DAIVADĀNA (lit., “temple of the daivas,”), Old Persian term that appears in the “daiva inscription” of Xerxes (486-65 b.c.e.) at Persepolis (XPh 37-38; Kent, Old Persian, p. 151): pasāva vašnā Auramazdāha adam avam daivadānam viyakanam “Afterwards, by the favor of Ahura-mazdā, I destroyed that temple of the daivas.” The name is composed of daiva- “god” (but with a negative connotation, as in Av. daēuua-, reflecting Zoroaster’s condemnation of polytheism) and dāna- (IE. *dṃHno-) “building, house, structure,” as explained by Ilya Gershevitch (p. 35). Xerxes’ destruction of a temple dedicated to the daivas is evidence of the king’s Zoroastrian faith: The daivadāna mentioned in his inscription must have been a place for worshiping several deities that were no longer accepted in the theological revisions documented in the Younger Avesta (Gnoli, p. 58). The daivadāna of XPh was probably Iranian, perhaps Persian, as relevant religious-political conflicts are known to have occurred in Persia beginning with Darius I (522-486 b.c.e.): the Gaumāta episode and the destruction of the āyadanas “places of worship” ordered by the magus (DB 1.63-64). It is significant, however, that after the order to destroy the daivas’ temple the cult of Ahura Mazdā was reinstated in the same place (XPh 39-41). It seems, therefore, very unlikely that the daivadāna destroyed by Xerxes was Marduk’s temple at Babylon (Hartmann, pp. 158-60; Nyberg, pp. 365-66), the Parthenon in Athens (Levy), or some other sanctuary in a foreign country (Boyce, Zoroastrianism II, pp. 174-75).
The results of archeological research do not yet permit reconstruction of the typology of the daivadāna, despite Roman Ghirshman’s attempt to do so (cf. Boyce, Zoroastrianism II, p. 37 n. 136). It is possible that a demolished religious building next to the southwestern corner of the terrace at Persepolis may be related to the daivadāna mentioned in XPh 35-41 (cf. Tilia, pp. 241ff.; Dandamaev and Lukonin, p. 354).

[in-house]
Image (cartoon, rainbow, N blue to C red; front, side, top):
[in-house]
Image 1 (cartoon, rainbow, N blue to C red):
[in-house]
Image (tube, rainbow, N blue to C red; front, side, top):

V. I. Abaev, “Pyatyĭ stolbez Behistunskoĭ nadpisi Darija I i Antidevovskaya nadpis’ Kserksa” (The fifth column of the Behistun inscription of Darius I and the anti-daiva inscription of Xerxes), VDI 1963/3, pp. 113-18.
U. Bianchi, “L’inscription "des daivas" et le zoroastrisme des Achéménides,” RHR 192, 1977, pp. 3-30.
W. Brandenstein and M. Mayrhofer, Handbuch des Altpersischen, Wiesbaden, 1964, pp. 88-89, 114.
A. Christensen, Essai sur la démonologie iranienne, Copenhagen, 1941, pp. 39-46; review H. H. Schaeder, ZDMG 95, 1941, pp. 445-50.
M. Dandamaev and V. G. Lukonin, The Culture and Social Institutions of Ancient Iran, Cambridge, 1989.
J. Duchesne-Guillemin, “La religion des Achéménides,” in G. Walser, ed., Beiträge zur Achämenidengeschichte, Historia, Einzelschriften 18, Wiesbaden, 1972, pp. 59-82.
R. N. Frye, The History of Ancient Iran, Munich, 1984, pp. 121-22.
I. Gershevitch, “Zoroaster’s Own Contribution,” JNES 23, 1964, pp. 12-38.
R. Ghirshman, “Les daivadâna,” AAASH 24, 1976, pp. 3-14.
G. Gnoli, De Zoroastre à Mani. Quatre leçons au Collège de France, Paris, 1985, pp. 58-59.
H. Hartmann, “Zur neuen Inschrift des Xerxes von Persepolis,” OLZ 40, 1937, cols. 145-60.
E. Herzfeld, Altpersische Inschriften, Berlin, 1938, pp. 126-31.
I. Lévy, “L’inscription triomphale de Xerxès,” Revue historique 185, 1939, pp. 105-22.
M. Mayrhofer, “Xerxes, König der Könige,” Almanach der Österreichischen Akademie der Wissenschaften 119, 1970, pp. 158-70.
J. de Menasce, “Observations sur l’inscription de Xerxès à Persepolis,” Vivre et penser (= Revue biblique), 1941, pp. 124-32.
H. S. Nyberg, Die Religionen des alten Iran, Leipzig, 1938.
M. Schwartz, “The Religion of Achaemenian Iran,” Camb. Hist. Iran II, 1985, pp. 664-97.
A. B. Tilia, Studies and Restorations at Persepolis and Other Sites of Fārs, Rome, 1972.
G. Widengren, Die Religionen Irans, Stuttgart, 1965, pp. 131 n. 1, 138.
R. C. Zaehner, The Dawn and Twilight of Zoroastrianism, London, 1961, pp. 159, 331.
Originally Published: December 15, 1993
Last Updated: November 11, 2011
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Vol. VI, Fasc. 6, pp. 602-603